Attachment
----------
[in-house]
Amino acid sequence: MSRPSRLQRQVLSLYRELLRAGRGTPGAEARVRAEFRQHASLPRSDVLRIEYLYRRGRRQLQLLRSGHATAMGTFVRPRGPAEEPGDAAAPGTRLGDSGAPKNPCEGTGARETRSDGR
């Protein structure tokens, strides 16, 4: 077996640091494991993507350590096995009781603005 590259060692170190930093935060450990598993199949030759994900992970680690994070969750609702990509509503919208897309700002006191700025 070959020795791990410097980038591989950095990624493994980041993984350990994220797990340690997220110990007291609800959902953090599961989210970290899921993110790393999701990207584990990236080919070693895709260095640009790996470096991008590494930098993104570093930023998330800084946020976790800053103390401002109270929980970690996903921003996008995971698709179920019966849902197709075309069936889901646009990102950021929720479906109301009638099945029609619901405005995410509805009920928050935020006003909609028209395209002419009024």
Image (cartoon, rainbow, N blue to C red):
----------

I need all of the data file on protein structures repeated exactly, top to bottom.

[in-house]
Amino acid sequence: MSRPSRLQRQVLSLYRELLRAGRGTPGAEARVRAEFRQHASLPRSDVLRIEYLYRRGRRQLQLLRSGHATAMGTFVRPRGPAEEPGDAAAPGTRLGDSGAPKNPCEGTGARETRSDGR
């Protein structure tokens, strides 16, 4: 077996640091494991993507350590096995009781603005 590259060692170190930093935060450990598993199949030759994900992970680690994070969750609702990509509503919208897309700002006191700025 070959020795791990410097980038591989950095990624493994980041993984350990994220797990340690997220110990007291609800959902953090599961989210970290899921993110790393999701990207584990990236080919070693895709260095640009790996470096991008590494930098993104570093930023998330800084946020976790800053103390401002109270929980970690996903921003996008995971698709179920019966849902197709075309069936889901646009990102950021929720479906109301009638099945029609619901405005995410509805009920928050935020006003909609028209395209002419009024």
Image (cartoon, rainbow, N blue to C red):